By Paul Sandle
British media regulator Ofcom said on Tuesday it would investigate whether the method used by the Premier League to sell live media rights for football matches to its home market distorted competition.
Virgin Media revealed in September it had filed a complaint over the increasing costs of showing Premier League games, saying consumers were paying the price for the escalating bidding war between broadcasters.
The live rights for the games are currently split between Sky and BT.
The price of broadcasting the country’s top-flight matches has steadily risen since Sky, partly owned by Rupert Murdoch, used footbsll coverage as the lynchpin in building his pay-TV business in the early 1990s.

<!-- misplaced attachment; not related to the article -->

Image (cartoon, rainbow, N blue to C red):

The three-year rights package running to 2016 was sold for three billion pounds, up 70 per cent on the previous deal, and Virgin has predicted the cost of the next round – which is expected to start towards the end of the year – could rise by a further 60 per cent.
Virgin argues that the proportion of matches made available for live television broadcast – at 41 per cent – is lower than some other leading European leagues, where more matches are shown.
Ofcom said it would consider whether there had been a breach of either British or European Competition law which distorts or restricts competition.
BT, which along with Sky is expected to participate in the next auction, declined to comment.
Sky was not immediately available to comment, while the Premier League said it was preparing a statement.